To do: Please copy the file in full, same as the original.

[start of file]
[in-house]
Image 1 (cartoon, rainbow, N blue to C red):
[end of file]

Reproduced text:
[in-house]
Image 1 (cartoon, rainbow, N blue to C red):